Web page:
With the growth of organized housing communities, particularly condominiums, we have also seen an increase in the number of Homeowner Associations – or HOAs as they are widely referred. HOAs generally own or control the common areas of a housing community and are charged with specific obligations under the HOA’s by-laws; such as, mowing the lawns, removing snow and ice, maintaining a club house or pool (if one exists) and enforcing the rules of the community. To carry out its obligations, the HOA is also usually permitted to charge an assessment to the homeowners in the community. The assessment becomes a personal obligation of the homeowner – once that can be enforced through legal measures if not paid.
What many homeowners do not realize is that Pennsylvania law also provides the HOA a statutory lien on the real property located within the housing community. Known as a “super” lien with “super” priority, the HOA lien is protected in part from non-payment, bankruptcy, and foreclosure.
Here are some examples – if you are a homeowner subject to a HOA and you do to pay your assessments, the HOA can obtain a judgment against you in the amount of the unpaid assessment(s), plus interest and (so long as allowed under the by-laws) attorneys’ fees. However, even if the HOA does not file a lawsuit, Pennsylvania law gives the HOA a lien on your property equal to whatever amount is owed. If you decide to sell your home, the HOA lien must be paid in order to pass clear title. If you decide to file for bankruptcy, the HOA can be treated as a secured creditor based upon that lien. If your bank decides to foreclose, a portion of the HOA’s lien (6 months preceding the date of the sale, to be exact) will survive the sale. Finally, the law gives your HOA the right to file its own foreclosure action against your property, which could potentially divest your of title to your home (in these situations, the first mortgage holder will often step in to pay the overdue assessments in order to preserve its lien!).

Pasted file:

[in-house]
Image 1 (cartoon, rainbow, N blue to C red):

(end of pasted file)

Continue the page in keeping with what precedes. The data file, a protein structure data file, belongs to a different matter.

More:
Who knew HOAs held such power? One common justification for such “super” liens is that the maintenance repair and enforcement activities of HOAs preserve the value of the community and super liens help ensure that HOAs receive the funds needed to maintain their community.
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